ucanews.com reporter, DhakaUpdated: February 27, 2013 10:22 PM GMT
A cheap and worn out garment on her rickety body, 30-year-old Asia Begum is typical of poor Bangladeshi mothers.
Home is a polythene roofed hut by the railway tracks in Tejgaon, in the heart of Dhaka.
“For years, we’ve been living here and nothing has changed for us,” she says. “My husband is an irregular day laborer and he earns 100-200 taka (US$ 1.25- 2.50) daily when he can find work.”
Her three sons are nine, seven and four. They don’t go to school. Basic primary education is free in government schools, but attendance requires more than just tuition fees and the family can’t afford it.
The boys are underweight, frail and often sick, but their parents can neither afford nutritious food nor medical treatment.
Like their neighbors they consider themselves fortunate to have one simple meal of rice and vegetables, two meals at the most, each day.
“I realize that children need good food like milk, eggs, fish and meat. We can only afford them twice a year, during the Eid festivals,” she says.
Around 47 million people live below the poverty line with 31 percent classified as extremely poor, earning around a dollar a day, making Bangladesh one of the world’s poorest countries.
Yet the picture is not one of unremitting gloom. Bangladesh has been lauded for making significant progress in achieving its UN Millennium Development Goals.
Since 1990, its economy has grown by 5-6 percent on average and average per capita income stands at US$ 1,810. Poverty has also dropped remarkably from 49 percent in 1990 to 31 percent in 2012.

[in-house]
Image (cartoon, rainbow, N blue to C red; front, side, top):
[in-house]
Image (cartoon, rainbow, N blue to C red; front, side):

The improvements are attributed to several factors: development efforts in education and health, improvements and incentives in agriculture, the rise of a burgeoning garment industry and remittances from migrant workers.
The country is also a successful, nearly self-sufficient food producer. Last year, it harvested about 35 million tons of rice and more than a million tons of wheat, according to the state-run Food Planning and Monitoring Unit (FPMU).
Sadly, it is the people on the bottom rung, slum dwellers like Begum, who remain poor, hungry and apparently as far as ever from deriving any benefit from the country’s recent gains.
Mustafa Farooq, a deputy director with FPMU, admitted that the government has funding and manpower shortages to resolve before it can reach these most needy people. But he adds that “we hope to ensure food security for all by 2021.”
A recent survey sponsored by the European Union concluded that reaching this goal is an uphill task. But it is widely agreed that it is a task that must be addressed, with around 50,000 children dying of malnutrition every year, 4.8 million suffering acute malnutrition at some point in their childhood years and 40 percent of children below five years of age with stunted statures for their ages.
This is especially dangerous for girls as they mature, as it greatly heightens the risk of infant delivery complications and low birth weight babies, which perpetuates the chain of malnutrition.
Dr Emdadul Haque, a health expert from the World Health Organization says: “the government and NGOs have contributed to increases in food production and per capita income, but poverty and hunger pose a major threat and they must be tackled immediately.”